Katherine Russell Rich is currently a full time writer, but has previously dabbled repeatedly in the food service industry. Her skills at writing produced many offers to work at print magazines, and she chose to work as an editor at GQ and Allure.
Katherine Russell Rich’s second book, "Dreaming in Hindi," landed her the position on Oprah’s list of top summer reads and explores the journey the author took in India, where she learned how to speak Hindi.
10 Questions With Katherine Russell Rich
1. How did you get involved in writing and what motivates you to continue?
I became a writer in a roundabout way. I started out working as an assigning editor in magazines, at places like Allure and GQ. Through spending a lot of time with writers, I learned about writing and finally took the leap.
What motivates me to continue is that half of the writing life that’s superb—you get to have a voice. And you get to do things you’d never would otherwise—for my newest book, Dreaming in India, I got to go to India for a year and learn the (main) language. It was extraordinary. Of course, you have to put up with the other half—uncertainty, a lot of impoverishment—but it’s definitely worth it.
2. How significant are the topics of cool hunting and trend spotting in the world of writing?
Depends on what kind of writing. With magazine writing—very important.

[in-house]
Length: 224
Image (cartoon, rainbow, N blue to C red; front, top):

3. How do you define a trend?
A trend is always startling in the beginning, tired and annoying at the end.
4. How do you define cool?
The essence of cool is not caring about being cool.
5. Do you need a culture of innovation to create something that is cool?
No, cool can just as easily exist in a culture of suppression.
6. What is the best way to create an infectious idea, product or service?
First, you have to be hyperaware of what people are thinking, ie, the zeitgeist. After that, you have to be both courageous and foolish, in equal parts, so that you’ll go ahead and try.
7. What is the key to innovation?
8. What are the most important trends you see in the writing industry?
If you’re a book writer, it’s important to ignore trends, because if you jump on the current bandwagon, you’ll already be old by the time you come out. Better to do the opposite, in fact. This year, when everyone’s publishing books about yoga, you might try thinking about NASCAR racing.
9. Professionally, what do you want to be doing or studying in 10 years?
Exactly what I’m doing now, only better.
10. What are your most important hobbies?
Since I spend so much time in my head for my work, my most important hobbies involve doing stupid stuff. Mindless stuff that gets me out of my cranium. Right now, I play a lot of Bubble Spinner.
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